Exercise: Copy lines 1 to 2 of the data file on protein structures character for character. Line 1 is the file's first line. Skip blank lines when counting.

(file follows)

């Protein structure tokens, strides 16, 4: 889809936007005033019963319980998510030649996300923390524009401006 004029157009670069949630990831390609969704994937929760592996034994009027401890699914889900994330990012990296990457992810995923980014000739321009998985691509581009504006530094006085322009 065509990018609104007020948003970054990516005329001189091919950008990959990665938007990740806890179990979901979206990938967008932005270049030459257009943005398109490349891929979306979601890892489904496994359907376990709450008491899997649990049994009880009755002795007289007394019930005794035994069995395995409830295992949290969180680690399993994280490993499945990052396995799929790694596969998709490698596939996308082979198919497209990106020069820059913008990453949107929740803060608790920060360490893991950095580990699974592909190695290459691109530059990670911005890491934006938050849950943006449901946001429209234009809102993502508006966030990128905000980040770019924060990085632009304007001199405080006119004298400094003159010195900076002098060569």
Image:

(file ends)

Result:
């Protein structure tokens, strides 16, 4: 889809936007005033019963319980998510030649996300923390524009401006 004029157009670069949630990831390609969704994937929760592996034994009027401890699914889900994330990012990296990457992810995923980014000739321009998985691509581009504006530094006085322009 065509990018609104007020948003970054990516005329001189091919950008990959990665938007990740806890179990979901979206990938967008932005270049030459257009943005398109490349891929979306979601890892489904496994359907376990709450008491899997649990049994009880009755002795007289007394019930005794035994069995395995409830295992949290969180680690399993994280490993499945990052396995799929790694596969998709490698596939996308082979198919497209990106020069820059913008990453949107929740803060608790920060360490893991950095580990699974592909190695290459691109530059990670911005890491934006938050849950943006449901946001429209234009809102993502508006966030990128905000980040770019924060990085632009304007001199405080006119004298400094003159010195900076002098060569």
Image: